Ha! I didn’t let it get me down. The art department chair could stop me from declaring graphic design as a major, but he couldn’t keep me from taking the art classes if they weren’t full. So, every semester I’d show up for the art classes. I wasn’t on the roster, but I’d start doing the work and wait for someone to drop the class—and someone always did. I’d be the only person who had done the class work, and I could add the class. It took me five years to get through college that way. Finally a semester or two before I graduated I was allowed to declare an art major at State. I was the most tenacious student any of my professors had ever seen.
My last fall at State was the fulfillment of all my dreams and aspirations. I was the first student hired in ten years by Hallmark Cards as an illustrator. For me, it was a dream come true. Little did I know it was just the start of a magical adventure that would lead me to illustrate, and at last write, children’s books.
Hallmark was wonderful. I grew as an illustrator, my talent and art techniques were encouraged to develop, and my co-workers were friendly and helpful. There was only one problem: Hallmark was located in the middle of the USA! I haven’t mentioned it before now, but I’ve always been an avid surfer. I dream of the ocean when I’m not near it. After two years of dreaming about the ocean two or three times a week, I realized I had to return to the West Coast. Finally, I moved to Lake Oswego, Oregon, where I now live. I got a good-paying job designing TV sets for a film company, but I was not happy.
It was here, in Lake Oswego, in part because of the effect another friend, Bruce McKean, had on me, that I became a children’s book illustrator. It was Bruce who taught me that the power in my life, or anyone’s life, is in the present. It is right now. It’s not yesterday and it’s not tomorrow. If you’re not happy with your work life, then it’s up to you to change it. And it might as well be now.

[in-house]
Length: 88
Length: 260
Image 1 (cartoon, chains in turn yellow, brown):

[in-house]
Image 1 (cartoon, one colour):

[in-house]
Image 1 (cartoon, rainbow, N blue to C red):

One day I decided to act on my dreams. I had saved enough money to quit my job, so I did. My colleagues were supportive of my decision, and to this day I’m friends with them.
I decided to spend my life learning to paint like my heroes—Jessie Wilcox Smith, Gennady Spirin, Lane Smith, Nicola Bayley, Edmund Dulac, Arthur Rackham and my beloved Dr. Suess. Yes, I know, this is like shooting for the stars, but if you don't aim high you'll never get anywhere. Maybe Bruce taught me that, too.
Soon I got my first break—I was hired to illustrate We’re All Special, a picture book from Portunus Publishing Company. That was five years ago. Since then, I’ve illustrated some 26 different books, many with major publishers, and many for the education market.
I wrote The Wizard and King Whifflegroan because I’ve always wanted to do a story that got across a serious message about the environment in a humorous way. I wanted a whimsical story, illustrated in a cartoon style that I thought kids would respond to, and the only way I could do it was to be both author and illustrator. So I did! Aaron and Mom and Lee and Bruce would be proud, and I thank them more than anybody.
That’s how I became a children’s book author and illustrator. I don’t think I’d change a thing.